Rachel York and Rex Smith, long rumored to be Broadway's new Chauvelin and Marguerite, are locked into the reconfigured The Scarlet Pimpernel, replacing the outgoing Terrence Mann and Christine Andreas. Show spokesman Michael Hartman confirmed the casting, Sept. 22.
York most recently starred on Broadway opposite Julie Andrews in the musical Victor/Victoria. She also starred with Andrews in the Manhattan Theatre Club's Sondheim revue, Putting It Together. Rex Smith is perhaps best known in stage circles for his performance as Frederic in the 1981 New York Shakespeare Festival production of The Pirates of Penzance.
The Scarlet Pimpernel himself, in the figure of Douglas Sills, will remain with the reworked version.
Hartman would not comment on any specific changes regarding the new version of Pimpernel, to be directed by Robert Longbottom and due to open Oct. 13. The cast of Pimpernel will, during the month of September, rehearse the new version of the musical during the day while performing the old one at night. The production will then shut down for a few days during the first week of October. "We plan to have the new version on stage the week of the 12th of October," said Tim Hawkins, Senior Vice President for Radio City Entertainment.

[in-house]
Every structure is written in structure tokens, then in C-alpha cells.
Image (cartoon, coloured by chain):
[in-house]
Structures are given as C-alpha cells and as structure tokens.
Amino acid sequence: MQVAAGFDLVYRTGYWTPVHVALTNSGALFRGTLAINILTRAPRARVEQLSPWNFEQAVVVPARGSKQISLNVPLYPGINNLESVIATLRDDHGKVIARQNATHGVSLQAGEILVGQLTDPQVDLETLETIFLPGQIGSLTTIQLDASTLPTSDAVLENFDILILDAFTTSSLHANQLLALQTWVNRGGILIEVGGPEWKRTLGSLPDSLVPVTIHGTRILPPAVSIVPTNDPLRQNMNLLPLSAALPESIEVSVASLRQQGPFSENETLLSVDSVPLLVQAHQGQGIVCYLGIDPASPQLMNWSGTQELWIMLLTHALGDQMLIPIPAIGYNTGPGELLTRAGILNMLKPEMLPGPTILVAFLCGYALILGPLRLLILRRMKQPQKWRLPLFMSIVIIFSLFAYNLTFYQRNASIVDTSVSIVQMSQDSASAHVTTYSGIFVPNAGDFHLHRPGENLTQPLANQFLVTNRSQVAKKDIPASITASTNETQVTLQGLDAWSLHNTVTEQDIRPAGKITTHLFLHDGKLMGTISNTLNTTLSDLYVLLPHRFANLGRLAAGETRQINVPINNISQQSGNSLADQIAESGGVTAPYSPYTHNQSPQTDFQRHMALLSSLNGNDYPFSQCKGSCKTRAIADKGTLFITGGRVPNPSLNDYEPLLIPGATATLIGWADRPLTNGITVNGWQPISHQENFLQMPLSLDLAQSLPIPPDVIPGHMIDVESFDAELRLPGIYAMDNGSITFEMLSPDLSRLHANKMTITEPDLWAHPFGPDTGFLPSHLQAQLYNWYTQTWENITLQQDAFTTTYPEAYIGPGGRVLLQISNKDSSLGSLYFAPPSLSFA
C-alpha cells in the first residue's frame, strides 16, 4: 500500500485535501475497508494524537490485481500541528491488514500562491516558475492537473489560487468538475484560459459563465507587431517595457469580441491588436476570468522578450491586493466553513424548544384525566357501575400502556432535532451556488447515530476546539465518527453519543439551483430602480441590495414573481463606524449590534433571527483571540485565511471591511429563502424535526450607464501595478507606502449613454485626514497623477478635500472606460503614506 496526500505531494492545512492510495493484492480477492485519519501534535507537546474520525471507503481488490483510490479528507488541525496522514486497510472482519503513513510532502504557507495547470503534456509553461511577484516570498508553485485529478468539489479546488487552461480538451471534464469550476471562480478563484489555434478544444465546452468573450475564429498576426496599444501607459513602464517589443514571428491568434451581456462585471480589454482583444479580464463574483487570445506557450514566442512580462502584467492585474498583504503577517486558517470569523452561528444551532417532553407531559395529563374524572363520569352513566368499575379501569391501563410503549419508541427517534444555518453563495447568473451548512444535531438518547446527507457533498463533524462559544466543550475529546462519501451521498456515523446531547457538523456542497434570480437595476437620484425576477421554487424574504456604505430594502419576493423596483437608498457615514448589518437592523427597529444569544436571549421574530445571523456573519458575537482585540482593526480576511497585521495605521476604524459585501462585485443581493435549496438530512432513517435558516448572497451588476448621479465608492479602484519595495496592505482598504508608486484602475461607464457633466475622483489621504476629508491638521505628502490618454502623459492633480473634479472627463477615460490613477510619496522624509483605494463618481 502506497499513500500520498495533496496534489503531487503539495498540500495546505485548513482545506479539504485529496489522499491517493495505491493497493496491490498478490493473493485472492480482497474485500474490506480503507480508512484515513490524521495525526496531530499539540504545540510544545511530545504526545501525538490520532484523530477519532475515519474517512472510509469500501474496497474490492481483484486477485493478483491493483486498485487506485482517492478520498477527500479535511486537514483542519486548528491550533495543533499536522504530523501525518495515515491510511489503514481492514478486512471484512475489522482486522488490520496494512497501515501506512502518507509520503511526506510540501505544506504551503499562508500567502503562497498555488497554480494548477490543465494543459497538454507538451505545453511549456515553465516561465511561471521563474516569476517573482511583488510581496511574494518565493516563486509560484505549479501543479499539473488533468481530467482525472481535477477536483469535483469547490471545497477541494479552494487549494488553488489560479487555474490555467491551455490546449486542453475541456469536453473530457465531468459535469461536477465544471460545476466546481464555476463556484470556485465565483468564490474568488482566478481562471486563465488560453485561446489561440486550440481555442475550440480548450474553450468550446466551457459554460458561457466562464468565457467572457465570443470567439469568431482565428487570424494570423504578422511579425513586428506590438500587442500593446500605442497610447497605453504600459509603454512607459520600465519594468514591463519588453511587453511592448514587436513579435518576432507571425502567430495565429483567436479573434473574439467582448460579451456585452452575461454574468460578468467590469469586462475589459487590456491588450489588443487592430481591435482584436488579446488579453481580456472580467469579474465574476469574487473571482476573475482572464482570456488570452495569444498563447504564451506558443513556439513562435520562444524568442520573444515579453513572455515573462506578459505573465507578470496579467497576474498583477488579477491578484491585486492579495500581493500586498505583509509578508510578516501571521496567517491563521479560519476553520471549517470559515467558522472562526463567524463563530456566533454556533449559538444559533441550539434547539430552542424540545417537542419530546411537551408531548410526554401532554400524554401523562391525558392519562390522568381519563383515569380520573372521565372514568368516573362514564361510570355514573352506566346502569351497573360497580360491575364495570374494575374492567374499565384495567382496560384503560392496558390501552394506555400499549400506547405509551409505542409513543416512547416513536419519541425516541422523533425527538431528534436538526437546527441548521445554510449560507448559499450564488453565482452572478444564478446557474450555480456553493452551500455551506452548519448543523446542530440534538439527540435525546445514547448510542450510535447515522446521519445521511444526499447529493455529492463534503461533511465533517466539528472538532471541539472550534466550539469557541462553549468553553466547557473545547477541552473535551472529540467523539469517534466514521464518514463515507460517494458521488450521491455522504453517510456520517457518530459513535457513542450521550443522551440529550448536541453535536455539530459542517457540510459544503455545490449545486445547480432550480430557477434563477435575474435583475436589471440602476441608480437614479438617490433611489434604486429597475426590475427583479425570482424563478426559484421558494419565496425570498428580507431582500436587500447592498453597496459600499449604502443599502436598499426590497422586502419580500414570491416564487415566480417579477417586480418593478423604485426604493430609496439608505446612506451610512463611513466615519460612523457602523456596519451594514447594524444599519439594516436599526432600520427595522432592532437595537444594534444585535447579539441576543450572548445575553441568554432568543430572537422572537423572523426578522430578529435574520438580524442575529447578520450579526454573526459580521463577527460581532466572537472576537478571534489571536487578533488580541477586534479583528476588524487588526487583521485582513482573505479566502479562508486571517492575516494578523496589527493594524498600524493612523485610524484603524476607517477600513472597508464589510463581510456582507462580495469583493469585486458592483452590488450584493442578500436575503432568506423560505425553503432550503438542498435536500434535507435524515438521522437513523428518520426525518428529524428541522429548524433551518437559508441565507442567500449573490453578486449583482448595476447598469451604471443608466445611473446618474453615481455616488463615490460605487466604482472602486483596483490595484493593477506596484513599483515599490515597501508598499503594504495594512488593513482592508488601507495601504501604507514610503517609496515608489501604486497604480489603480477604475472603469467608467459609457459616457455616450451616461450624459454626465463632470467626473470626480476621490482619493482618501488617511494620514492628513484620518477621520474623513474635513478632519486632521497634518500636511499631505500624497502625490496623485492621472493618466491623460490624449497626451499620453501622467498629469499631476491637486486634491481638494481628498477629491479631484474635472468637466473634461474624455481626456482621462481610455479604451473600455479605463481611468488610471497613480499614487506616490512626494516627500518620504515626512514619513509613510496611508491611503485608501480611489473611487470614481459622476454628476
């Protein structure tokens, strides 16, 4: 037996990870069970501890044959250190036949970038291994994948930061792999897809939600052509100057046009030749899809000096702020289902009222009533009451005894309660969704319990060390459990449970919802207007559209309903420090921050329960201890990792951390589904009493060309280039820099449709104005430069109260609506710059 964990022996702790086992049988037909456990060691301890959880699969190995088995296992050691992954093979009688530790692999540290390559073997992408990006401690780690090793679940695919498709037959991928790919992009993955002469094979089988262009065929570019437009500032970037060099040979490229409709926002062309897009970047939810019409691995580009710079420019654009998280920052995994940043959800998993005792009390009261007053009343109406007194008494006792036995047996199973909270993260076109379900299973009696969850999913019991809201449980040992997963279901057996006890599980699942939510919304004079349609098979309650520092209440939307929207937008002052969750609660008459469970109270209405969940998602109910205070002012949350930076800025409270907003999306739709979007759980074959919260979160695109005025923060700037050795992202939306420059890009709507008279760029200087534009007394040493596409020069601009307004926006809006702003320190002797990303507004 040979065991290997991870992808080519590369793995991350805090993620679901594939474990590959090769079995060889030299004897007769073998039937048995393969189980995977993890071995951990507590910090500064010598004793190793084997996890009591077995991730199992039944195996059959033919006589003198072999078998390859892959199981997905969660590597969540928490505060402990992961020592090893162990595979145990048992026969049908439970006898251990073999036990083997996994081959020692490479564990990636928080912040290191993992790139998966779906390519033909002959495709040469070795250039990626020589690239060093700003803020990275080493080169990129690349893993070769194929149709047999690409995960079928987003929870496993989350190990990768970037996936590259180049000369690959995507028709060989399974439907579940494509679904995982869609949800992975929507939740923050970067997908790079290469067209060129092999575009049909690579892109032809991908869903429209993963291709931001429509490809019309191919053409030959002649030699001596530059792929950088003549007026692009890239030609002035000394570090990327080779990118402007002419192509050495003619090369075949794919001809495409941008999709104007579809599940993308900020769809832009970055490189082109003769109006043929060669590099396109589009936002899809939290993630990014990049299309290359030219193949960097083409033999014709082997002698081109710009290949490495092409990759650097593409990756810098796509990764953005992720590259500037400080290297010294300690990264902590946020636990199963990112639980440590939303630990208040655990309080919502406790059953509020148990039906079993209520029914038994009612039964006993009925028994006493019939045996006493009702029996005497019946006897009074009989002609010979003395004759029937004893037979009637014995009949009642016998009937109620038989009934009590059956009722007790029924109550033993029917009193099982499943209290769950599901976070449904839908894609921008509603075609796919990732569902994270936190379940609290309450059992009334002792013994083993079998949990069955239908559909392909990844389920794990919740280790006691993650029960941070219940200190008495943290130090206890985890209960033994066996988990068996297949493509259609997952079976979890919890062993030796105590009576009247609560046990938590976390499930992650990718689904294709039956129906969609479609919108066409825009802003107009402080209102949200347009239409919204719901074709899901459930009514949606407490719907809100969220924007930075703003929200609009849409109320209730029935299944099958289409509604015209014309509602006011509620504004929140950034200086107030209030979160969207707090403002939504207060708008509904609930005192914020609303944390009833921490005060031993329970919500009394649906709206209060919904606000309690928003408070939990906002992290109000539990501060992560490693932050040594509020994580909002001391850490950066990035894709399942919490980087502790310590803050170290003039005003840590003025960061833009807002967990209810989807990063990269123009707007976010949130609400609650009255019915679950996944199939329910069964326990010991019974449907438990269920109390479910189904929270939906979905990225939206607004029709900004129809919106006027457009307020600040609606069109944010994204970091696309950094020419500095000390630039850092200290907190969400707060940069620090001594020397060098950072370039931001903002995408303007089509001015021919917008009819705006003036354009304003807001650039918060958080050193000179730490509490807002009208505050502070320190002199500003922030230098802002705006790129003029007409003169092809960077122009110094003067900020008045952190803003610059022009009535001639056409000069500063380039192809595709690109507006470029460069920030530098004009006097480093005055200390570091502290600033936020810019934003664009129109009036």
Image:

Radio City Entertainment and Ted Forstmann -- who the summer bought the musical from its original producers -- recently brought in Longbottom (Side Show) to restage the show in an unorthodox effort to shore up the ailing musical's fortunes. Hawkins confirmed to Playbill On-Line (Aug. 13) that Longbottom would collaborate with Pimpernel composer Frank Wildhorn and lyricist Nan Knighton on a new version of the show. Radio City has not elaborated on the nature of the alterations, but Christine Andreas told PBOL the planned revisions were ones she had sought for some time. "These new guys are going to make changes we wished happened a year ago," she said, including plot restructuring meant to better support the musical's major characters. "My character is rather underwritten," remarked Andreas. "It's really because of that unbalance that I'm ready to go."
Hawkins told PBOL on Aug. 13 that the musical's original director, Peter Hunt, would not take an active role in the reconception, although his ideas on the matter have been solicited. "Peter is in California and focusing on TV projects," he said. "He's a part of the process, but not on a day-to-day basis."
Asked if Nan Knighton had been doing rewrites, Hawking replied, "Nan's doing a lot of work with [Longbottom] reshaping elements of the show. Frank Wildhorn is working on it, too." Hawkins declined to comment on any specific details concerning Pimpernel's makeover, or whether the new production would be less expensive to run.